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Social Movements in a Global Context
By Rod Bantjes
Social Movements in a Global Context focuses on interpreting the resurgence in popular protest for a growing audience of university students. Most of this new activity is either in response to or makes use of emerging global regimes — hence, the book's emphasis on the global context as well as on strategies for trans-local mobilization. Equally important is the fact that the book adopts a Canadian perspective and highlights, where possible, Canadian case studies.
The chapters are organized around an explanatory framework, such as class analysis, or a core analytical question. Some of the chapters deal with historical content, but all make links to the immediate present and attempt to engage students in ongoing debates and struggles. The author makes connections between movements and the state, focusing on the dynamic of co-optation/coercion. The author also pays attention to the spacial dimensions of movement formation and tactics, which are particularly relevant in the present era of globalization.
Table of Contents
Chapter 1: Workers of the World, Unite!
Chapter 2: State and Co-operative Movements
Chapter 3: Movement Innovations in the 1960s: Resource Mobilization?
Chapter 4: Resistance to State Terror
Chapter 5: Culture and the Politics of Identity
Chapter 6: Bureaucratization and Anarchist Resistance
Chapter 7: Terrorism and the "War on Terror"
Chapter 8: Consumer-Citizen: The Market as a Social Movement Tool
Chapter 9: Discourse and the Power of Constitution: "Speaking for" the Environment
Chapter 10: Beyond Nation-State Sovereignty: Indigenous Peoples' Internationalism
Chapter 11: Coalition Politics
Chapter 12: In Search of Global "Public Space"
"This is a splendid book, one that provides a unique resource for students and instructors. I know of a no other volume dealing with today's world-wide protests and mobilizations that so skilfully demonstrates the connections between the global and the local, the historical and the contemporary.... It deals with resistance and protest, with diverse forms of contentious behaviour, and also the reactions - co-optation, repression and terror - that they have met. In making the links across time and space, it leads students to an appreciation of their global citizenship, and gives them tools for the critical understanding of their place in the twenty-first century."Brian Elliott, University of British Columbia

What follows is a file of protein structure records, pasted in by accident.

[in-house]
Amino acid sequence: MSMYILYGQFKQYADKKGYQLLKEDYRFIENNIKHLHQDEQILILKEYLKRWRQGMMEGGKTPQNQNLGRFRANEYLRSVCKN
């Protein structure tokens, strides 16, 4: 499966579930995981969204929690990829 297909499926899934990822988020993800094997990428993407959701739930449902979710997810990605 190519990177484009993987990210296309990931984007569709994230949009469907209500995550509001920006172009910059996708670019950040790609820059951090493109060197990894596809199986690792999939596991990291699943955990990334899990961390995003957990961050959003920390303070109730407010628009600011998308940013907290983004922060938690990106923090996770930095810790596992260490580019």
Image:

"This book has many strengths. Its Canadian content and sense of place are outstanding, yet it is quite worldly - taking up issues like Islamism, globalization and Internet activism. I like the way the author draws on historical examples, but juxtaposes them with contemporary cases - e.g., the FLQ and Al-Qaeda. The coverage of the gamut of social movements is impressive, yet there is also a good sense of coherent flow and overarching unity. The in-depth analysis of cases is really superb. The case studes are the real 'meat' of the book, and this is a refreshing change from many sociology texts.... The book is organized 'outside the box' of potted social movement theory. Its innovativeness is a strength."William K. Carroll, University of Victoria
"A serious contribution that will have a long life... The arguments are coherent and sustained [and teh book] links movements to the working classes in vital ways.... A solid book that is comprehensive, engaged and engaging, and, especially, relevant to the wave of new activists and intellectuals who are working on new and improved collective forms of class-rooted self-emancipation."James Sacouman, Acadia University
"A serious contribution that will have a long life... The arguments are coherent and sustained [and the book] links movements to the working classes in vital ways.... A solid book that is comprehensive, engaged and engaging, and, especially, relevant to the wave of new activists and intellectuals who are working on new and improved collective forms of class-rooted self-emancipation."— James Sacouman, Acadia University
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